By David Crane
defrev (at) gmail (dot) com
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April 25, 2012
Last updated on 4/26/12.
Tactical Night Vision Company (TNVC) had a very interesting and illuminating (excuse the pun) tactical medicine/combat medicine device at their booth at SHOT Show 2012 that may also prove to be very important for future tactical medicine/combat medicine applications. It’s called the BattleView Near-IR (Infared) Vascular Trans-Iluminator (NIVTI), and the device does just what it sounds like it does. It illuminates, or lights up, a person’s vascular system in the near-infrared/night-vision (NV) light spectrum when you stick your hand (or other body parts?) over it, allowing a military combat medic or tactical medicine specialist to locate a person’s veins for IV insertion in low-light/no-light/nighttime conditions in almost complete darkness, without the use of white light. Think of it as a living x-ray (without the dangerous radiation) that allows you to see into a person’s body in video mode rather than with still shots. Remember when you used to stick your hand over your flashlight, and the light (visible/white light spectrum) illuminated the inside of your hand, making your hand glow red? Well, Battle View operates via the same principle, just in a different light spectrum and much higher resolution/definition–and much greater overall sophistication.
Editor’s Note: Just to clarify, the “NIVTI” acronym is DefenseReview’s (DR) acronym for it, not TNVC’s, but we like it because it sounds like “nifty”, and device is certainly very cool. We also created the term “vascular viewer” in the title of this article.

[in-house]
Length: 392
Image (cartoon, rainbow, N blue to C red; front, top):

TNVC is billing the BattleView NIVTI as “one of the most innovative products developed for the tactical medicine community”. DR agrees, and believes it will come in real handy for tactical medicine in low-light/no-light conditions. The TNVC BattleView NIVTI is relatively small, very lightweight (4 oz, i.e., 4 ounces) and utilizes foam and neoprene in its construction, so it’s easily packable in a tactical armor plate carrier/vest or or medical pack (backpack). Power is provided by a a single 3-volt CR123A lithium battery.
Here’s how BattleView works, according to TNVC’s literature on it: BattleView’s four (4) incapsulated LED’s (Light Emitting Diodes) “bond with the iron in the venous blood travelling back to the heart, effectively fluorescing the veins”. TNVC’s Kyle Harth told DR that the four LEDs were “specifically designed to provide the correct brightness and correct spectral response to flouresce blood. There fore, it will do two different things: You can either backside illuminate to get the vessels…to be able to see them, to use an IV in them. Or, you can put this [BattleView] distal to your infiltration site, and what it’ll do is flouresce the blood in vein and still give you the ability to still stick an IV in it above the site.”
While BattleView’s LEDs generate most of their light in the near-IR spectrum for use with NVMs/NVGs/NODs (Night Vision Monoculars/Night Vision Goggles/Night Observation Devices), they also emit a faint red glow that’s visible to the naked eye from only a few feet away, so the user can check BattleView’s power status without using his/her NVGs.
In case you’re wondering how the TNVC BattleView NIVTI compares to a reflected IR kit, Battle View creates a much higher-resolution picture/image of the vascular structure. If Defense Review understands the difference correctly, it’s essentially like going from a mediocre vacuum-tube television set to a plasma or LCD flatscreen HDTV (High-Definition Television).
In any case, BattleView was definitely one of the most interesting and high-tech gizmos DR saw at SHOT, and we’ll try to get some field reports on it from tactical medicine professionals (tactical medicine instructors and combat medics, specifically) in the future.
Finally, we may contact the folks at Entrotech, who manufactures BattleView for TNVC, and possibly aided in the device’s development.
TNVC BattleView Near-IR Vascular Trans-Illuminator (NIVTI) Specs:
Dimensions: 3.0″(L) x 5.0″(W) x 1.25″(T)
Weight: 4 oz.
Power Source: One (1) 3-Volt CR123A Battery
Materials: Neoprene, Foam, Shock Cord
Current Listed Price: $474.05 USD
Company Contact Info:
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